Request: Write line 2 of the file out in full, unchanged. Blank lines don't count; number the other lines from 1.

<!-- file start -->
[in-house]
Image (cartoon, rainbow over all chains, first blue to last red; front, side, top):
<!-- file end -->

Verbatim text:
Image (cartoon, rainbow over all chains, first blue to last red; front, side, top):